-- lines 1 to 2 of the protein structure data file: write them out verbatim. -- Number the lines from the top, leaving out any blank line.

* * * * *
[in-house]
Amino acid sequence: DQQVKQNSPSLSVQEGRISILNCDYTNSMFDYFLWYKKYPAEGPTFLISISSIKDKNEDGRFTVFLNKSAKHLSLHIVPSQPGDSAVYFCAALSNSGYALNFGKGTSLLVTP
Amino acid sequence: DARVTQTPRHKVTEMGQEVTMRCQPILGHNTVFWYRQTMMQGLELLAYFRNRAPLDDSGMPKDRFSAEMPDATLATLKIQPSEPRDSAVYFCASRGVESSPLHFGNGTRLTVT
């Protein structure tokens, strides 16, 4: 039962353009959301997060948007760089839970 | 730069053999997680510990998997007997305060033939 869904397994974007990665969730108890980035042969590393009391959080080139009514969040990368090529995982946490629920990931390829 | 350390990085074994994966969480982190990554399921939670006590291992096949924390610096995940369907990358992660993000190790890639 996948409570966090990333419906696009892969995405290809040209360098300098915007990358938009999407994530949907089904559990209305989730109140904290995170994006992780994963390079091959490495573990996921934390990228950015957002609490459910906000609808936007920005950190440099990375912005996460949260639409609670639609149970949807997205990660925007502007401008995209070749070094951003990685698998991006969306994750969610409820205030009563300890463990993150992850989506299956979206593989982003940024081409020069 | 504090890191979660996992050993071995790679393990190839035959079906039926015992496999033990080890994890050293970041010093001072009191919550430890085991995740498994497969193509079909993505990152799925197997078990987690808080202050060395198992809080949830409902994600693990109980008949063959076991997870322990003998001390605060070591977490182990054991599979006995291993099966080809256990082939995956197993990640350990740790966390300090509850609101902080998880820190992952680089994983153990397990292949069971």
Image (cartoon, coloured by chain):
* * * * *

[in-house]
Amino acid sequence: DQQVKQNSPSLSVQEGRISILNCDYTNSMFDYFLWYKKYPAEGPTFLISISSIKDKNEDGRFTVFLNKSAKHLSLHIVPSQPGDSAVYFCAALSNSGYALNFGKGTSLLVTP